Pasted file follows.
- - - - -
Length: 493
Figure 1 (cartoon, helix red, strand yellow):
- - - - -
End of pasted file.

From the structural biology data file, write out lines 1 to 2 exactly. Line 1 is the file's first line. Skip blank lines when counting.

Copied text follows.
Length: 493
Figure 1 (cartoon, helix red, strand yellow):